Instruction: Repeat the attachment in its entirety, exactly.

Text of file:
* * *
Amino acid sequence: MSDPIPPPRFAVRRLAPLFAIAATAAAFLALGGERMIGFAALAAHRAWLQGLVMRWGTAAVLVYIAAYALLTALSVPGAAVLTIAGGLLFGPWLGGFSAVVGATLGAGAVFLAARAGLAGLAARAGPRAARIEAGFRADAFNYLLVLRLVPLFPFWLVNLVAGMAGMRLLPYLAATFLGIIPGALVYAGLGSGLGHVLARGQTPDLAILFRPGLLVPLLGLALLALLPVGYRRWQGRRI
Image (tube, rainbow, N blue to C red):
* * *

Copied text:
Amino acid sequence: MSDPIPPPRFAVRRLAPLFAIAATAAAFLALGGERMIGFAALAAHRAWLQGLVMRWGTAAVLVYIAAYALLTALSVPGAAVLTIAGGLLFGPWLGGFSAVVGATLGAGAVFLAARAGLAGLAARAGPRAARIEAGFRADAFNYLLVLRLVPLFPFWLVNLVAGMAGMRLLPYLAATFLGIIPGALVYAGLGSGLGHVLARGQTPDLAILFRPGLLVPLLGLALLALLPVGYRRWQGRRI
Image (tube, rainbow, N blue to C red):